W.Va. County's Dispatchers Get Advanced Training
WINFIELD - Putnam County residents who call 911 will get more attention from the person on the other end of the line starting this summer.
Frank Chapman, director of the county's office of emergency services, told county commissioners Tuesday that his call center would be trained and ready to use new answering protocols in May ahead of a July 1 statewide deadline.
"On July 1, 2013, all 911 centers in the state of West Virginia are required by legislative ruling to provide EMD, which is emergency medical dispatch, information to all 911 callers," Chapman said.
The new protocols will give dispatchers a list of triage questions to ask and basic medical advice, such as CPR instructions, to give callers after they've dispatched an ambulance and until it arrives or the caller hangs up.
Chapman said the county will contract with APCO International, a company that specializes in emergency communications, to train call center workers at a cost of $1,500 per worker. The call center currently has 10 full-time employees.
"We're going to have an in-house instructor, which will save us from sending someone out to training in some part of the state and having to pay motel, travel, all that," Chapman said.
The contractor will provide the questions and first-aid instructions responders will read to callers, though local emergency officials can tweak the wording if they see fit.
The new protocols also come with requirements that ensure dispatchers stay on the phone with callers - and not put them on hold to answer other incoming calls. That increased workload on each dispatcher might require the call center to add full-time employees to manage the call volume.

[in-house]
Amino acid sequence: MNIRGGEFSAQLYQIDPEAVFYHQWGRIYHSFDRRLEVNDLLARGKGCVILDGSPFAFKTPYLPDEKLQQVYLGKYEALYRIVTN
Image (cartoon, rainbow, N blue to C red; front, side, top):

In other emergency services news, all the county's ambulances will be outfitted with power stretchers that are equipped with motors to help lift larger patients into the ambulance.
Cecil Kimble, director of emergency medical services, opened a single bid to provide the power stretchers at Tuesday's meeting. The total bid from Stryker was for $93,700. Kimble said the cost is about $14,000 per power stretcher.
The hope is that the power stretchers will reduce on-the-job injuries to ambulance crew members and reduce worker's compensation liability.
Commissioner Joe Haynes also reported that ditch dredging work is complete in Black Betsy as well as Hometown. Now the state Division of Highways has told the county it will come in and clean out its culverts along W.Va. 62. Those culverts channel water coming off the hillside toward the Kanawha River. Both Black Betsy and Hometown lie between the road and the river.
The Putnam County Commission meets at 9 a.m. on the second and fourth Tuesday of each month at the county courthouse in Winfield. The next meeting is Dec. 11. All meetings are open to the public.
Copyright 2012 Charleston Newspapers